Guns and women

One of the blessings of blogging is that I’ve met so many wonderful people.  I haven’t met most of them in the conventional sense — that is, I haven’t been in the same physical space with them — but I’ve corresponded with them over the years and feel I know them as I well as if I’d met them at a PTA meeting, Republican gathering, soccer game, or at the dojo.  One of those people is Mike McDaniel, who blogs at Stately McDaniel Manor.  Read Mike’s writing and you know you’re in the presence of a mensch.

This particular mensch happens to be a big Second Amendment advocate, and he recently published an article at the Gun Values Board about the rising number of women who have guns.  We women are raised to be afraid of guns, but more and more women are recognizing that a gun is a great equalizer.  Whether you’re facing a random crazy person or an insanely angry spouse, a gun provides women with the margin of strength that nature denied them.

I used to think that guns meant mayhem.  I’ve now come to understand that guns in the hands of amoral bullies mean mayhem.  A moral, armed citizenry is a safe citizenry.

America’s First Sergeant has a related post, not about guns per se, but about our obligation to defend ourselves.  As he makes clear, there is a difference between bullying and self-defense.  The Left has raised a generation of children who cannot make this distinction, meaning that the bullies rule.

(P.S.  America’s First Sergeant is also a mensch, although I’m not sure you’re supposed to say that about a Marine Sergeant.)

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  • http://leftcoastconservative.blogspot.com leftcoastconservative

    You know, there must be something in the cultural air this year.  I wrote about my own sister developing an interest in learning how to handle firearms for personal defense.  How is it that the anit-gun rights people can make their claims of guns becoming less popular with a straight face?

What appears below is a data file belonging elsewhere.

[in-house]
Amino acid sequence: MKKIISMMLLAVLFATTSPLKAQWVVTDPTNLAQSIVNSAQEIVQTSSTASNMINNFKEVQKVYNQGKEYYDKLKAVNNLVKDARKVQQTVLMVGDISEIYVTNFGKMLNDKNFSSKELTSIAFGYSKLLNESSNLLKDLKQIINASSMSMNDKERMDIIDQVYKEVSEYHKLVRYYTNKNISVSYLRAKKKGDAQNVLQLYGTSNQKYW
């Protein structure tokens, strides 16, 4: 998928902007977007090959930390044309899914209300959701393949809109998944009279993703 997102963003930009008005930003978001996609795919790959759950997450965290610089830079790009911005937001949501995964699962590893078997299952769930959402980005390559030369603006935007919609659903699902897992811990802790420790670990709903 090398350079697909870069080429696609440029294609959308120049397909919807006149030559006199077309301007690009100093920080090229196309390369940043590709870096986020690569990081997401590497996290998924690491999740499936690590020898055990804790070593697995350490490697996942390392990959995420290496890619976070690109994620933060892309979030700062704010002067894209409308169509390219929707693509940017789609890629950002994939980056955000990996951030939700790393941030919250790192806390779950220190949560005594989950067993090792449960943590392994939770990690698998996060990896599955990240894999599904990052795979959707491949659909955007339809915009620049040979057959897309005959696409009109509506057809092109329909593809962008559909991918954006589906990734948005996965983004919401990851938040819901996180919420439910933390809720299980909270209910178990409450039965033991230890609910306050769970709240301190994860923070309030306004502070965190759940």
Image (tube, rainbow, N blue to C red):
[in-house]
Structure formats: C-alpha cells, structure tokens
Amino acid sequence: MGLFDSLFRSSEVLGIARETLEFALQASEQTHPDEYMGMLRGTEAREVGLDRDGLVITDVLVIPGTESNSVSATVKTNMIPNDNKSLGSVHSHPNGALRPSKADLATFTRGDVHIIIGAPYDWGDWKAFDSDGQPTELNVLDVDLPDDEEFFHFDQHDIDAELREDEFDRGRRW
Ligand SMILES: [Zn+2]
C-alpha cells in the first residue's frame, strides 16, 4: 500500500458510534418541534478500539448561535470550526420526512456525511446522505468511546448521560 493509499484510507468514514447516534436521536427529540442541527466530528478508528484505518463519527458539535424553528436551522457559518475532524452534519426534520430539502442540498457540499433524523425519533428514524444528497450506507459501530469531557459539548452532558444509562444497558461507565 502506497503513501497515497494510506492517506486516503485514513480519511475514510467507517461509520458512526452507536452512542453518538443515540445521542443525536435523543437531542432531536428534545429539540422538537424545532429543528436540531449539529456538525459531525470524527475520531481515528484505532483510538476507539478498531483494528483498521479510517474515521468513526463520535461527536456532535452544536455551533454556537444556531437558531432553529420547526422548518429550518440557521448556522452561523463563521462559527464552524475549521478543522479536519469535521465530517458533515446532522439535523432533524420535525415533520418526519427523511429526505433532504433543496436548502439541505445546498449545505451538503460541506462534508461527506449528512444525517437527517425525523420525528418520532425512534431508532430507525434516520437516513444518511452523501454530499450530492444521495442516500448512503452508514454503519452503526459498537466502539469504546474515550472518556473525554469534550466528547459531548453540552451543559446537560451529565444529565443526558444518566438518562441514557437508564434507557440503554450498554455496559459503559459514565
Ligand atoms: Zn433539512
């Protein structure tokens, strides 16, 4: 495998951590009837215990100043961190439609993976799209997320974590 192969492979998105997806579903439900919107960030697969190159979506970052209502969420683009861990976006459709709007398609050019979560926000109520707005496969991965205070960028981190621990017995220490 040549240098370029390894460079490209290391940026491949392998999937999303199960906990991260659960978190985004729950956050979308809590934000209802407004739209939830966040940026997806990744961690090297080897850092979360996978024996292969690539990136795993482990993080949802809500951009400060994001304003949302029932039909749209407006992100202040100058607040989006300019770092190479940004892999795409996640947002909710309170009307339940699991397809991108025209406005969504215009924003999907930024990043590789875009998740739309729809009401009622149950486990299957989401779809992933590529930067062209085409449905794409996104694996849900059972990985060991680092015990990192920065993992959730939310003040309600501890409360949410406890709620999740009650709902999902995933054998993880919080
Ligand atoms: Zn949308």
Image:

• Roll Tide

    Took a lady with a new revolver to the range yesterday, had a great time!

  • 11B40

    Greetings:

    so, you’re saying that that old bit of folk wisdom, “God created all men and Samuel Colt made them equal.” is going to have to be reworked ??? 

  • Marica

    John and I had a nice conversation with his mom about concealed carry. It was no big deal– she’s a Texan– but she was very interested in learning more about the particulars of states’ laws. Information is good.

    Your post is one more opportunity for me to say something I’ve said other places. If you are a 2A person, take a liberal shooting! Be instructive, give them the sermon on safety. Don’t push, just let them shoot as they’re ready. Practice safety. Be safe. Respect the rules… . I recommend taking them (only one or two at a time!) to an outdoor range. Pack a picnic lunch. Make a day of it. We recently counted up how many times we’d done this, and how many attitudes we’ve started to change. We’re batting about .75.

    When we put in our very own range here on the farm, we took great care to make sure we incorporated every safety feature we could think of. Lots of liberals have shot guns here– even some dang foreigners. Only one friend won’t come out if she knows we’re shooting. The rest have had a great time. The important thing is they go home with a completely different view of guns and their owners. 

    I NEED A GUN RIGHT NOW> THERE”S A DEER. 

    I’m not kidding. There were four of them. Stupid deer. I ran and got my .22 and scared ‘em off. We could use the venison, but this is a busy week. Anyway… . 

    Take a liberal shooting!  

  • jj

    Rural Washington’s fun; everybody in this town – including my wife – is armed.  Keeps the cops polite, if nothing else. 

  • SADIE

     
    A snip from Robert Avrech …
     
    “I don’t like guns.”
    This declaration from a friend, a Jewish liberal reacting with dismay when told that yours truly owns several firearms, goes regularly to the shooting range, and strongly advocates for private ownership of weapons by honest, law-abiding citizens.
    “I don’t like plastic bags.” I responded.
     
    My liberal friend was like: “Huh?”
    “The Khymer Rouge murdered over one million Cambodians by suffocating them with plastic garbage bags,” I said.
     
    Short but pointed article linked below.
     
    http://www.seraphicpress.com/gun-control-the-philistines-and-the-jews/

  • Jose

    “I used to think that guns meant mayhem.”
     
    Mayhem = wackos setting people on fire in elevators with a gallon of gasoline and a match.  Of course, it’s impossible to own a gun in NYC – too dangerous.

  • jj